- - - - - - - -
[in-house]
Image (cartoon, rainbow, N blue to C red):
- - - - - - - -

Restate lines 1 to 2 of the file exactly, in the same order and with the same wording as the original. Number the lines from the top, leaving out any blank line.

[in-house]
Image (cartoon, rainbow, N blue to C red):